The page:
During the dark days of the Great Depression, Tacoma boxer Freddie Steele captured the region's imagination as he rose to his sport's ultimate coronation: world champion. Steele's footwork, speed, and fearsome punching power dazzled fans, demolished opponents, and earned him the moniker "The Tacoma Assassin." He won 123 fights, with six losses, 11 draws, and 58 knockouts, and defeated six past or future middleweight champions in an era that saw the middleweight crown change hands 14 times. In this procession of champions, Steele held the longest reign over the belt during the 1930s. He went from prizefighter to Hollywood actor, appearing in several films in the 1940s, including a supporting role in the acclaimed movie, The Story of G.I. Joe. After his days in Hollywood, Steele returned to Washington and operated a restaurant and bar in Westport. Though not born in Tacoma, Steele was raised there, and the city proudly claimed him as one of its own.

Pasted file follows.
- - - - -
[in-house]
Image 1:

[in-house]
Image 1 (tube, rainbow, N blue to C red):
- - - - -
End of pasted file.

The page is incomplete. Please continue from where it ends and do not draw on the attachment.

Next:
Born Frederick Earle Burgett in Seattle on December 18, 1912, to Virgie Cloud Burgett, Freddie Steele was raised by his mother and stepfather, Charles E. Steele. The family moved to Concrete after Freddie's birth, and then to Bellingham. Young Freddie immersed himself in sports, excelling in basketball, baseball, swimming, and golf, and harboring dreams of becoming a boxer as early as age 6, an idea his parents hoped he would outgrow. Often Freddie could be found shadowboxing in his backyard, imitating the style of his idol, junior lightweight champion Tod Morgan. At age 12, Freddie picked up his first pair of boxing gloves, and while details of his early forays into the ring are sketchy, John Owen of the Seattle Post-Intelligencer wrote that, "he had nine pro fights, mostly around Bellingham, by the time he was 13. The purses started at $2.50 and when Freddie signed for his first $12.50 bout he thought he was Diamond Jim" ("Old Pals ...").